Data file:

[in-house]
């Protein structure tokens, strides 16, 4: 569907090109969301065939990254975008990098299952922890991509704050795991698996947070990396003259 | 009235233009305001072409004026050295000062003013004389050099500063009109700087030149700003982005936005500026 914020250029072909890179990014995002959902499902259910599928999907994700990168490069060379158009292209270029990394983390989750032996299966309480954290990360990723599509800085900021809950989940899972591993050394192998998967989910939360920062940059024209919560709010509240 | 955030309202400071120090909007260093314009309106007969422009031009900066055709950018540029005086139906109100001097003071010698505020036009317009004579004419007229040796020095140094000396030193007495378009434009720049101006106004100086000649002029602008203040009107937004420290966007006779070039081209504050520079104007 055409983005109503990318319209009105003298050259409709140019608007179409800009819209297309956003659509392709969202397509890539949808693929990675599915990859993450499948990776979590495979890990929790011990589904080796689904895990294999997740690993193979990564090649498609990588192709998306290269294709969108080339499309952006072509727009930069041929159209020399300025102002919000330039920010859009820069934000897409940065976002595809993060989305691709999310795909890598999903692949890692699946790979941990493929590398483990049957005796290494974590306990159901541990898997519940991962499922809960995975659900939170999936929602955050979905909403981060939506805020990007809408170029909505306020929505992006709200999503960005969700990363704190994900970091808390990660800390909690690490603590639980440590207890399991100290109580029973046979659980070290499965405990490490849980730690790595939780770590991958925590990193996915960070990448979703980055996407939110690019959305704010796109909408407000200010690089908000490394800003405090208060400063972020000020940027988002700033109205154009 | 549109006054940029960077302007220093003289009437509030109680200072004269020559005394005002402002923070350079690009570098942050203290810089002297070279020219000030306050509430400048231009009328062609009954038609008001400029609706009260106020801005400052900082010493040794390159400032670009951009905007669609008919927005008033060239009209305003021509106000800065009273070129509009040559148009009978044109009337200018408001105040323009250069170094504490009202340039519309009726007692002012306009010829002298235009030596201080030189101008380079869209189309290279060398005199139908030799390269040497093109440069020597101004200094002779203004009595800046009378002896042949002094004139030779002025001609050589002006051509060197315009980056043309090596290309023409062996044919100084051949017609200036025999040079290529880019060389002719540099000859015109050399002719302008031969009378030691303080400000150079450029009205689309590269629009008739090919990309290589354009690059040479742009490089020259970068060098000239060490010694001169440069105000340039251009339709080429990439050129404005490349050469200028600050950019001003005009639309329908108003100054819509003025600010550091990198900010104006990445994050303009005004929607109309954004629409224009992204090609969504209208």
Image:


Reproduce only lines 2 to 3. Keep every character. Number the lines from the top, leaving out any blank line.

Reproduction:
């Protein structure tokens, strides 16, 4: 569907090109969301065939990254975008990098299952922890991509704050795991698996947070990396003259 | 009235233009305001072409004026050295000062003013004389050099500063009109700087030149700003982005936005500026 914020250029072909890179990014995002959902499902259910599928999907994700990168490069060379158009292209270029990394983390989750032996299966309480954290990360990723599509800085900021809950989940899972591993050394192998998967989910939360920062940059024209919560709010509240 | 955030309202400071120090909007260093314009309106007969422009031009900066055709950018540029005086139906109100001097003071010698505020036009317009004579004419007229040796020095140094000396030193007495378009434009720049101006106004100086000649002029602008203040009107937004420290966007006779070039081209504050520079104007 055409983005109503990318319209009105003298050259409709140019608007179409800009819209297309956003659509392709969202397509890539949808693929990675599915990859993450499948990776979590495979890990929790011990589904080796689904895990294999997740690993193979990564090649498609990588192709998306290269294709969108080339499309952006072509727009930069041929159209020399300025102002919000330039920010859009820069934000897409940065976002595809993060989305691709999310795909890598999903692949890692699946790979941990493929590398483990049957005796290494974590306990159901541990898997519940991962499922809960995975659900939170999936929602955050979905909403981060939506805020990007809408170029909505306020929505992006709200999503960005969700990363704190994900970091808390990660800390909690690490603590639980440590207890399991100290109580029973046979659980070290499965405990490490849980730690790595939780770590991958925590990193996915960070990448979703980055996407939110690019959305704010796109909408407000200010690089908000490394800003405090208060400063972020000020940027988002700033109205154009 | 549109006054940029960077302007220093003289009437509030109680200072004269020559005394005002402002923070350079690009570098942050203290810089002297070279020219000030306050509430400048231009009328062609009954038609008001400029609706009260106020801005400052900082010493040794390159400032670009951009905007669609008919927005008033060239009209305003021509106000800065009273070129509009040559148009009978044109009337200018408001105040323009250069170094504490009202340039519309009726007692002012306009010829002298235009030596201080030189101008380079869209189309290279060398005199139908030799390269040497093109440069020597101004200094002779203004009595800046009378002896042949002094004139030779002025001609050589002006051509060197315009980056043309090596290309023409062996044919100084051949017609200036025999040079290529880019060389002719540099000859015109050399002719302008031969009378030691303080400000150079450029009205689309590269629009008739090919990309290589354009690059040479742009490089020259970068060098000239060490010694001169440069105000340039251009339709080429990439050129404005490349050469200028600050950019001003005009639309329908108003100054819509003025600010550091990198900010104006990445994050303009005004929607109309954004629409224009992204090609969504209208």
Image: